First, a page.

BMW will produce the Megacity urban battery-electric vehicle at its plant in Leipzig, Germany.

The electrification of the auto industry is clearly making for some strange bedfellows.  We’ve seen Toyota team up with the California start-up, Tesla Motors – which has also been working with Daimler on battery car technology for its Mercedes and Smart brands.  Ford is partnering with Magna and Azure Dynamics.  Chrysler will take lead in developing battery technology for its partner Fiat.  Nissan and European partner Renault have major plans for battery vehicles – and have also partnered with Daimler.

Now comes official confirmation that BMW will be allying itself with the French PSA Peugeot Citroen in a partnership that will help both manufacturers ramp up their hybrid efforts.  The new agreement expands upon a more limited battery car program they had tentatively initiated last autumn.

The 50-50 joint venture, dubbed BMW Peugeot Citroen Electrification, will focus on developing and producing everything involved in electrification, from battery packs to motors, chargers all the way to the sophisticated software needed to make the systems run smoothly and efficiently.

The partners want to come up with an array of hybrid systems that will be able to plug-and-play with a wide variety of different BMW, Citroen and Peugeot vehicles.  While they are focusing on hybrid systems, it is believed likely they will also cooperate on more advanced battery-based propulsion systems, including plug-ins and pure battery-electric vehicles, or BEVs.

Peugeot took things to extremes, starting with the exotic electric EX-1, at last year's Paris Motor Show.

“This cooperative venture will enable us to achieve significant economies of scale in the field of electrification. It also represents an important step on the road to sustainable mobility,” said BMW Chairman Norbert Reithofer.

“With this joint venture, we are sure to develop and expand our expertise and to build a European leader in the field of automotive hybrid innovation,” added his PSA counterpart, Philippe Varin.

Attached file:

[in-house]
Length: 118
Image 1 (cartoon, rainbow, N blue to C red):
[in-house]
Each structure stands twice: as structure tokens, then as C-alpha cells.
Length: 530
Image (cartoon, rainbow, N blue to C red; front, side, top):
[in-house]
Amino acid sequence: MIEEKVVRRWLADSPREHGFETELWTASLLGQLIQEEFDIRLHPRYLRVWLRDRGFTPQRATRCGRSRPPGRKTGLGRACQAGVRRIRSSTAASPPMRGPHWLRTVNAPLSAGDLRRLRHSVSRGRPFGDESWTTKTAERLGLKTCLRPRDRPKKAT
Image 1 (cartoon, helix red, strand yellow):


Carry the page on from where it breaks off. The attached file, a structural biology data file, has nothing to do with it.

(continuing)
If all goes according to plan, the joint venture will be up-and-running before the year is out and supplying both makers with hybrid technologies by 2014.  So far, 100 employees have been assigned to the project, with more likely to be hired on as it ramps up.

The partnership is actually just the latest alliance between the two companies.  BMW and PSA first teamed up in 2006 and have so far produced 1.8 million engines for their Mini, Peugeot and Citroen brands.  A year ago, they agreed to develop a more advanced model.

Along with improved economies of scale, BMW and PSA are hoping to take a leading role in setting up standards for the still nascent battery car market.

Though slow to initially embrace battery propulsion, BMW is rapidly ramping up its efforts.  It has launched several hybrids initially using technology developed as part of a short-lived joint venture with General Motors, Chrysler and Daimler.  It has been experimenting with pure battery power for both the BMW and Mini brands.

And it is planning to launch the MegaCity sub-brand, which will focus primarily on battery-electric vehicles designed for use in dense urban markets.   The new joint venture could be a critical component of that effort, which will need not just new technology but a low-cost source to keep its products competitive with more conventional powertrain systems.

The Mini brand reportedly will be one of the first to tap the joint venture, however, with a hybrid drivetrain for either its new Countryman SUV or a spin-off model.

PSA Peugeot Citroen has also formed a battery technology partnership with Japanese maker Mitsubishi, which is preparing to launch a new global BEV, the iMiEV, and several other electrified models.

The French maker has a number of hybrids targeted for its line-up, notably including several super-high-mileage diesel-electric offerings.

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